It’s fire dancers’ tools, most of them black so that they appear invisible when lit, that create the illusion of fire spinning, cascading, cresting, sparkling, and wending their way around the agile performers who’ve mastered them. The couple helps sell them on Fire Groove Gear, where students can pick up their own set.
Poi looks something like a racquetball stitched into the end of a tube sock. They remind me of the weaponry of Homey the Clown (In Living Color forever!). In the same circular thwack Homey would deploy on anyone who expected him to actually behave like a clown and entertain them, I landed a couple bonks on my own forehead and shin -- as an accident and not in self-punishment -- when I failed to keep my wall.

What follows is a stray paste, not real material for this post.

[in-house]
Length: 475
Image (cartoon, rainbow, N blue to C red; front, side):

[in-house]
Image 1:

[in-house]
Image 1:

That means I couldn’t consistently swing the poi in a symmetrical circle along the same flat vertical plane parallel to my body, with one on each side, as if I was standing between two walls that would keep my arms from going out too wide. The motion of swinging them is something like when you’re jumping rope, but you hold the poi near to your body. That is a key to not only technique but safety: You keep the fire in your designated space when you're on stage with others manipulating fire in close proximity.